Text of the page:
Wednesday

Striped Bird-Legged Pants and Plug Hat

While President Roosevelt was giving us hope over the radio with his fireside chats, a Spanish-American War veteran was our Superior Court Judge. He was the very honorable, Judge William Nevins. 

He came to the bench bringing with him his unique life style that was independently of his own making. An individualist of the novel kind, yet his eccentric ways never influenced him in handing out fair decisions. I don’t believe Lincoln County will ever produce another judge just like him. 

The judge’s stately board-like figure, especially when he walked from place A to place B, could be recognized blocks away. His striped bird-legged pants and plug hat was his trade mark when he reached judgeship status. 

A bachelor by choice, yet he was able to hand out some practical advice to the maturing young men about town. I asked a couple of Nevins old proteges if his advice was of practical value. “Yes” was the answer, “especially when some of us guys were inclined to sow some wild oats in our younger years.” Seems like the knowledge the judge handed out came from his own experience. 

It would take another column to squeeze in all the stories about the judge’s way of life. Since many tales can’t be verified, it wouldn’t be fair. I’m sure Nevins’ ghost had to suffer a few of them. Like the story about the judge stopping his car on the side of the road every time his speedometer counted off a 1,000 miles for an immediate oil change. Since no one said they saw the judge’s skinny legs sticking out from under his car changing oil, it’s hard to believe.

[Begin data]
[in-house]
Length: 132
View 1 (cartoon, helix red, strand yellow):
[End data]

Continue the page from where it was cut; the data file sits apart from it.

That juicy story got started when the judge bought a new 1928 Dodge Victory coupe. The car’s manual read to change the oil at 1000 miles. When that amount of miles showed up on his speedometer, he was cruising around the Sprague area. The judge stopped at the nearest telephone and called Raymer, the garage man in Davenport. Raymer told the judge it was safe to drive back to town where a service man would be waiting to get rid of that worn out oil. Nevins’ relic is now owned by Gary and Marian Geib of Wilbur. 

(continued)

"Nevins, a Unique Judge" Kik-Back Country, page 12

Walt Kik

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